Last month, on February 18, the European Union Chamber of Commerce filed a lawsuit against China to the World Trade Organization (WTO).
In the lawsuit, which was filed on behalf of 27 countries, the European Union insisted that the Chinese Court had breached the TRIPS by obstructing patent protection efforts, specifically the application of Standard Essential Patents (SEP).
SEP is a category for patents that are deemed essential to fulfill international standards in the creation of certain devices. Due to SEP’s crucial nature to producers, SEP patent owners usually license their patents under several terms and conditions. It goes without saying that producers must obtain a license to utilize it, and should a violation against it occur, patent owners may reinforce their rights and request to halt sales to the court. This is where the conflict arose.
The European Union objected to Chinese courts that had been withholding a number of European companies in their attempt to protect their patents, which was based on the Supreme Court of the Republic of China’s ruling that permitted Chinese courts to prohibit patent owners from going to non-Chinese courts in their patent protection efforts. The Supreme Court also ruled that those in violation of the ruling were subject to a daily fine of € 130.000.
The European Union didn’t explain which companies were involved in detail, but some mobile phone companies in China were mentioned, such as Oppo, Vivo, Xiaomi, and Honor. Considering the enormity of these companies in addition to the importance of the patents at issue, it is unsurprising that both parties have remained adamant in defending their positions.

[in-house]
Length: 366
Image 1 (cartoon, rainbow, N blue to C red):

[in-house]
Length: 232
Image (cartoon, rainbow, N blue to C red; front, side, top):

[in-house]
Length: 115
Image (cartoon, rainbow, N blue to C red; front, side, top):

It didn’t take long for China to respond to the European Union’s lawsuit. On February 19, the Chinese Ministry of Trade (Mofcom) stated that China confuted the European Union’s argument and was ready to face the lawsuit in accordance with WTO regulations. Moreover, it was also emphasized that China has kept “communication channels” open with the European Union and other WTO member countries in order to sort out the economic dispute. “China always enforces a multilateral trade system and will follow up on the matter in accordance with WTO regulations in protecting relevant rights and interests," said a representative from China’s Ministry of Trade.
It was reported that the European Union’s lawsuit would be processed by the WTO starting with a period of formal consultation of 60 days between the parties. After the period ended, the European Union could request a ruling from the WTO panel. Let us see how the case will unfold.